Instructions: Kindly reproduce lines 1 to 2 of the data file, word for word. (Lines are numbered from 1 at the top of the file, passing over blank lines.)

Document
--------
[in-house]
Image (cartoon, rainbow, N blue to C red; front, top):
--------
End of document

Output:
[in-house]
Image (cartoon, rainbow, N blue to C red; front, top):